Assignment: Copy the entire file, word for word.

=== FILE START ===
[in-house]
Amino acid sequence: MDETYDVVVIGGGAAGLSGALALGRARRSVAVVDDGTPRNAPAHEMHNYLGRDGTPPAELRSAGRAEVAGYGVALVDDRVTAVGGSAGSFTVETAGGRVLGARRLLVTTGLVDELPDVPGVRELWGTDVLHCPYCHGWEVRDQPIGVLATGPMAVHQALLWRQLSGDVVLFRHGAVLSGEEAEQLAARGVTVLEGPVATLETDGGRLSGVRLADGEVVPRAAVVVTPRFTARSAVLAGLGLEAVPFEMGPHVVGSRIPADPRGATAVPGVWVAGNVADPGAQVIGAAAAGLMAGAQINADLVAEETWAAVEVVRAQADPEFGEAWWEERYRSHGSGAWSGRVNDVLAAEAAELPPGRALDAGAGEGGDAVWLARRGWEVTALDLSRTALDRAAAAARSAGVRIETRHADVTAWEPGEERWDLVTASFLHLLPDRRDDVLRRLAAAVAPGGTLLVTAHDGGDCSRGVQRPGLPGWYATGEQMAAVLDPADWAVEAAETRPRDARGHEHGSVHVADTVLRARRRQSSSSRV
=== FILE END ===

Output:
[in-house]
Amino acid sequence: MDETYDVVVIGGGAAGLSGALALGRARRSVAVVDDGTPRNAPAHEMHNYLGRDGTPPAELRSAGRAEVAGYGVALVDDRVTAVGGSAGSFTVETAGGRVLGARRLLVTTGLVDELPDVPGVRELWGTDVLHCPYCHGWEVRDQPIGVLATGPMAVHQALLWRQLSGDVVLFRHGAVLSGEEAEQLAARGVTVLEGPVATLETDGGRLSGVRLADGEVVPRAAVVVTPRFTARSAVLAGLGLEAVPFEMGPHVVGSRIPADPRGATAVPGVWVAGNVADPGAQVIGAAAAGLMAGAQINADLVAEETWAAVEVVRAQADPEFGEAWWEERYRSHGSGAWSGRVNDVLAAEAAELPPGRALDAGAGEGGDAVWLARRGWEVTALDLSRTALDRAAAAARSAGVRIETRHADVTAWEPGEERWDLVTASFLHLLPDRRDDVLRRLAAAVAPGGTLLVTAHDGGDCSRGVQRPGLPGWYATGEQMAAVLDPADWAVEAAETRPRDARGHEHGSVHVADTVLRARRRQSSSSRV